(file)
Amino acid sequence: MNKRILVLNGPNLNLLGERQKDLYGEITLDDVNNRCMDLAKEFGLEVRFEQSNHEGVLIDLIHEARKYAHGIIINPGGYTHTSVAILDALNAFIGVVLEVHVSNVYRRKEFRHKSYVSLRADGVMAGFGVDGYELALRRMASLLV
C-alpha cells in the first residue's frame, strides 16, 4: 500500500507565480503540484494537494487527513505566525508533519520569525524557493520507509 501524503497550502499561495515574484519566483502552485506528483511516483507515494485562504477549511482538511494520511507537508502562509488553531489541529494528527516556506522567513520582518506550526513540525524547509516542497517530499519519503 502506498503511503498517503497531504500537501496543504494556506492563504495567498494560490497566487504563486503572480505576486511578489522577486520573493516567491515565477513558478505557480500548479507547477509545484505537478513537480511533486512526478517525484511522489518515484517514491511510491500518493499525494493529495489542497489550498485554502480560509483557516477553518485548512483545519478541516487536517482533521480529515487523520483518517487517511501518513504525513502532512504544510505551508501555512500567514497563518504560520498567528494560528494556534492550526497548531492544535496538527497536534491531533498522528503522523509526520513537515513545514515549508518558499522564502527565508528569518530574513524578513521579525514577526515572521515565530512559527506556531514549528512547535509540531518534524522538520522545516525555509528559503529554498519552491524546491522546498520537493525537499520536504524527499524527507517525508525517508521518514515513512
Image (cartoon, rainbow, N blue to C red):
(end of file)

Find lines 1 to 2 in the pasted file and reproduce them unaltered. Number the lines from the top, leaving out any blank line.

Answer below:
Amino acid sequence: MNKRILVLNGPNLNLLGERQKDLYGEITLDDVNNRCMDLAKEFGLEVRFEQSNHEGVLIDLIHEARKYAHGIIINPGGYTHTSVAILDALNAFIGVVLEVHVSNVYRRKEFRHKSYVSLRADGVMAGFGVDGYELALRRMASLLV
C-alpha cells in the first residue's frame, strides 16, 4: 500500500507565480503540484494537494487527513505566525508533519520569525524557493520507509 501524503497550502499561495515574484519566483502552485506528483511516483507515494485562504477549511482538511494520511507537508502562509488553531489541529494528527516556506522567513520582518506550526513540525524547509516542497517530499519519503 502506498503511503498517503497531504500537501496543504494556506492563504495567498494560490497566487504563486503572480505576486511578489522577486520573493516567491515565477513558478505557480500548479507547477509545484505537478513537480511533486512526478517525484511522489518515484517514491511510491500518493499525494493529495489542497489550498485554502480560509483557516477553518485548512483545519478541516487536517482533521480529515487523520483518517487517511501518513504525513502532512504544510505551508501555512500567514497563518504560520498567528494560528494556534492550526497548531492544535496538527497536534491531533498522528503522523509526520513537515513545514515549508518558499522564502527565508528569518530574513524578513521579525514577526515572521515565530512559527506556531514549528512547535509540531518534524522538520522545516525555509528559503529554498519552491524546491522546498520537493525537499520536504524527499524527507517525508525517508521518514515513512